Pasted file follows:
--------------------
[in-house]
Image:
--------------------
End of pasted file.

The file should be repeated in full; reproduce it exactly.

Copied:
[in-house]
Image: